Six Key Takeaways From the Yates Memo
One of the most significant changes to DOJ policy is the elevation of a company’s cooperation against individuals from one factor for consideration into the threshold factor. This shift in priorities will almost certainly increase the difficulty of any company obtaining cooperation credit. As described by DAG Yates, “It’s all or nothing. No more picking and choosing what gets disclosed. No more partial credit for cooperation that doesn’t include information about individuals.” 11 Thus, going forward, if an entity is seeking cooperation credit, it must investigate and identify the responsible individuals and provide all non-privileged evidence implicating these parties. If it fails to do so, any other assistance or cooperation provided will be ignored and not considered a mitigating factor.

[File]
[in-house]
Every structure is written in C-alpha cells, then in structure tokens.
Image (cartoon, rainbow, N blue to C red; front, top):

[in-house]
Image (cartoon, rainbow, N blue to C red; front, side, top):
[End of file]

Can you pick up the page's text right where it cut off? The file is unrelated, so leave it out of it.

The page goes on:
Of particular importance to healthcare providers, DAG Yates cited the False Claims Act (FCA) as an example of the application of her new policy. 12 She stated that to receive credit for cooperating fully under the FCA and trigger its reduced damages provision, an entity will now be required, at a minimum, to reveal all relevant facts about responsible individuals. 13 Given the government’s frequent use of, and success with, the FCA in healthcare-related prosecutions, this may be an ominous sign of things to come. 14